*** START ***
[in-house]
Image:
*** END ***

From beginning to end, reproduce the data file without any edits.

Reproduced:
[in-house]
Image: